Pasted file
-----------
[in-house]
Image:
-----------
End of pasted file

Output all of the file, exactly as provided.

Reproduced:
[in-house]
Image: